“There’s a big chance of it not healing correctly if blood flow is disturbed,” Perrotta said. “It doesn’t look.”

Kiesel, the Central New York Counties League National Division co-player of the year last season, is one point shy of the school's all-time scoring mark (1,245).

“There’s a big chance of it not healing correctly if blood flow is disturbed,” Perrotta said. “It doesn’t look good.”

Perrotta said Kiesel and her parents are evaluating treatment options.

The injury, while disappointing, is not likely to hurt her ability to play Division I basketball. She is ranked 18th among point guards for the Class of 2011 on an list and is being recruited by several schools including Big East Conference members Georgetown, Rutgers, Syracuse, Miami and Notre Dame. Also Illinois of the Big Ten, Arkansas and Alabama of the SEC and PAC 10 power Stanford.

“It’s nothing that’s going to be for the long term,” Perrotta continued. “It’s about healing and getting better.”

The Raiders (2-2 through Tuesday) will have to become a different team in Kiesel’s absence. Juniors Tiffany Alpert and Danielle Felton will platoon at point guard. Proctor has relied on Kiesel to be its primary scorer for the last two seasons at least. Perrotta has long sought a post presence to take some pressure off the 5-foot-6 Kiesel, and a balanced game will now be even more important.

Monday, December 7, 2009

Delaney: 3 Sauquoit girls on all-state soccer team

The Sauquoit Valley girls soccer team, undefeated until its Class C state final loss to Stony Brook, placed three players on all-state teams.

Senior forward Amanda Orsino and senior midfielder Kelsey Hogel were first team selections in Class C, according to NYSSCOGS/NYSSWA.

Junior forward Sierra Kiss was a second-team selection, and Indians coach Tim Clive was co-coach of the year with Mark Maningo of Section XI Stony Brook. Stony Brook defeated Sauquoit Valley 2-1 in the Class C championship game Nov. 21 at Cortland State.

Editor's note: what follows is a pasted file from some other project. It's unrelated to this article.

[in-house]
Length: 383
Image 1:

Four other Utica area players earned all-state recognition, all from Class D.

Remsen senior defender Sandy Roberts was second team; Hamilton junior forward Emily Truett and Poland senior midfielder Ashley Huckabone were third team and Remsen eighth grade forward Erin O'Connor was fourth team.

Sunday, December 6, 2009

Delaney: Merry Christmas, Erin Hamlin

The timing of Erin Hamlin's finish at a World Cup series luge race Sunday got me thinking.

What a great Christmas present for the 23-year-old Remsen woman to lock up a place on her second Olympic team.

Hamlin pre-qualified for February's Vancouver Games with her World Championship gold medal earlier this year. She added the bow to the package Sunday in Altenberg, Germany with a second run that moved her to fifth from eighth place. A top five was all she needed to complete her qualification for Olympic sliding on the fast track in Whistler, British Columbia, Canada outside of Vancouver.

'A Charlie Brown Christmas,' a holiday staple for forty years, is on this week. As a tribute to Hamlin, we give you a one-verse luge version of the climactic final scene where Charlie Brown's gang sings 'Hark The Herald Angels Sing.'

Merry Christmas, Erin Hamlin